This is the most popular form of insurance with many homeowners. It is often referred to as ‘special form’ insurance. Many people buy this HO-3 form because it will cover everything except a certain list of exclusions. So where the other two forms of insurance have a fairly short list of things it will actually, and HO-3 policy only has a list of things it will not cover. This means that the policy includes personal liability. If you inure someone in a sporting accident and they try to recover money from you for their injuries, your HO-3 has your covered. An HO-3 covers your detached structures. Say your pool house that you just built one year ago gets hit by the rash of vandalism going around and you have to replace your custom siding that now has crude language written all over it. If you think your claim is above and beyond your deductible and it’s worth it to file, use your HO-3 policy.
Another reason this is one of the most popular forms of insurance is because it has a broad coverage for contents with an option to purchase more and a special coverage for your buildings. Special coverage? What does that mean?
So far, the other two forms of insurance have only offered either a basic or broad coverage. Basic coverage is very limited and will rarely cover your claim unless it’s specifically listed in the policy. This isn’t a good amount of protection. Broad form is better than basic. It covers more forms of loss which raises your chances of having your claim covered. The best option though, when possible, is special coverage. This means that pretty much anything that damages your house, detached structures, or content will be covered as long as it is not on the list of exclusions.
HO3-Home Insurance Coverage and Exclusions
This will put a homeowner’s mind at ease after hearing about horror stories where people thought they were receiving a good deal on their insurance when in fact, they had little to no coverage. The great part is that you can extend that special coverage to your personal belonging as well for an extra fee. They will start out under broad coverage, which are the 16 cause of loss option listed for an HO-2 policy. If you have expensive art or very valuable furniture, making the extra investment to protect your belongings will be worth it.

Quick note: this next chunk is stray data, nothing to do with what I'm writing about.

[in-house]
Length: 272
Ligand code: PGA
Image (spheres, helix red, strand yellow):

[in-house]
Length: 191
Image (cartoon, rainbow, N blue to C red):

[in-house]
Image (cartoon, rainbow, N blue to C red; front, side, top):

For a homeowner, the one part that deserves extra attention is the exclusion list. You will want to make sure that you know this inside and out so that you can take the extra steps necessary to protect yourself. For a standard HO-3 policy, the exclusions are listed as follows:
- ordinance or law – If your house needs work to bring it up to code, you will not be covered.
- Earth movement – If an earthquake damages your house, you aren’t covered.
- water damage – Floods and sewer back-ups are not included in your policy coverage.
- power failure – If you lose your computer due to a power failure, you cannot claim your loss.
- Neglect – If your roof caves in despite multiple notices to repair it, it’s not covered.
- War – If a war breaks out in the U.S. and your house gets bombed, don’t call your insurance company.
- Nuclear hazard – If your house is damaged as a result of a nuclear bomb, you have bigger problems to worry about than filing an insurance claim anyway.
- Intentional loss – If you try to set your house on fire to get insurance money, they won’t give you any.
- Governmental action – If the government causes any destruction or tries to seize your property, you’re on your own
- Loss to Property – If you decide that installing a hot tub on your own in your sunroom is a good idea and then have extensive water and electrical damage, don’t expect any pity from the insurance company.
When you know what your policy exclusions are, you can start taking the necessary steps to protect yourself from them. If you know you live in an earthquake prone area, start researching different forms of earthquake insurance. Everyone should have flood insurance because it will cover you if your pipes burst and create a pond in your basement or a hurricane leave a 3 foot water mark on your walls. Once you know where you are vulnerable, you can begin to build up other resources. For everything else, you have your HO-3 policy.